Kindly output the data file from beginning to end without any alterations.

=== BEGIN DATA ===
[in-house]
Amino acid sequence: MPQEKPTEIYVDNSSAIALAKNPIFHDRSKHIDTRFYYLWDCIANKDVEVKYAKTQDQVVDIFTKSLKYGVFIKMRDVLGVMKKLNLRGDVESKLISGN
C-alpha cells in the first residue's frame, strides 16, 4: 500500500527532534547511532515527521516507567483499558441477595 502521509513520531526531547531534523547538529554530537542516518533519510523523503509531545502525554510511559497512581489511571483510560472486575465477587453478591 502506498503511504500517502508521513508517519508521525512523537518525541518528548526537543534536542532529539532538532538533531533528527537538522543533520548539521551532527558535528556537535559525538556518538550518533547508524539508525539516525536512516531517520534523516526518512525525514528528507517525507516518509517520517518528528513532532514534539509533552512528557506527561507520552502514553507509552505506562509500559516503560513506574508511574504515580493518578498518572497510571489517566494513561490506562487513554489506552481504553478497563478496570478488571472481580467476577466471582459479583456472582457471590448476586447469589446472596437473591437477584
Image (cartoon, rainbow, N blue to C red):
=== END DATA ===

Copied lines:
[in-house]
Amino acid sequence: MPQEKPTEIYVDNSSAIALAKNPIFHDRSKHIDTRFYYLWDCIANKDVEVKYAKTQDQVVDIFTKSLKYGVFIKMRDVLGVMKKLNLRGDVESKLISGN
C-alpha cells in the first residue's frame, strides 16, 4: 500500500527532534547511532515527521516507567483499558441477595 502521509513520531526531547531534523547538529554530537542516518533519510523523503509531545502525554510511559497512581489511571483510560472486575465477587453478591 502506498503511504500517502508521513508517519508521525512523537518525541518528548526537543534536542532529539532538532538533531533528527537538522543533520548539521551532527558535528556537535559525538556518538550518533547508524539508525539516525536512516531517520534523516526518512525525514528528507517525507516518509517520517518528528513532532514534539509533552512528557506527561507520552502514553507509552505506562509500559516503560513506574508511574504515580493518578498518572497510571489517566494513561490506562487513554489506552481504553478497563478496570478488571472481580467476577466471582459479583456472582457471590448476586447469589446472596437473591437477584
Image (cartoon, rainbow, N blue to C red):